During his campaign against racism in South Africa, and his involvement in the Congress-led nationalist struggle against British colonial rule in India, Mahatma Gandhi developed a new form of political struggle based on the idea of satyagraha, or non-violent protest. He ushered in a new era of nationalism in India by articulating the nationalist protest in the language of non-violence, or ahisma, that galvanized the masses into action.
Focusing on the principles of satyagraha and non-violence, and their evolution in the context of anti-imperial movements organized by Gandhi, this fascinating book looks at how these precepts underwent changes reflecting the ideological beliefs of the participants. Assessing Gandhi and his ideology, the text centres on the ways in which Gandhi took into account the views of other leading personalities of the era whilst articulating his theory of action.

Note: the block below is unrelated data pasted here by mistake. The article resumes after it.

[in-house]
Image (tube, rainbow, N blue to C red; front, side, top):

Concentrating on Gandhi’s writings in Harijan, the weekly newspaper he founded, this volume provides a unique contextualized study of an iconic man’s social and political ideas.
Table of Contents
1. Gandhi: The Idea of Swaraj 2. The Mahatma at the Grassroots: The Praxis of Ahimsa or Non Violence 3. Politics and Ideology: Critique of Gandhi 4. Gandhi's Writings in Harijan: Discussion and Interpretation 5. Introducing the Text. Conclusion. Bibliography. Glossary
Bidyut Chakrabarty is Professor in Political Science at the University of Delhi, India.
'This is a book that would be of use to postgraduate students, seasoned researchers and practioners alike.' - Political Studies Review